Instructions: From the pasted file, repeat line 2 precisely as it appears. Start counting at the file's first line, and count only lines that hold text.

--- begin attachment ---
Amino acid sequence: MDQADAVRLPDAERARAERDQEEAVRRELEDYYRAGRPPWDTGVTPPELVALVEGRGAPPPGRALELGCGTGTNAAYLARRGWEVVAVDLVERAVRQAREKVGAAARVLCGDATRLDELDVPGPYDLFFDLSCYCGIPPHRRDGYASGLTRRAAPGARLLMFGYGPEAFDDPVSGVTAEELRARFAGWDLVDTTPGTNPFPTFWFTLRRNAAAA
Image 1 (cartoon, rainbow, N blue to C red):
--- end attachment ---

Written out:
Image 1 (cartoon, rainbow, N blue to C red):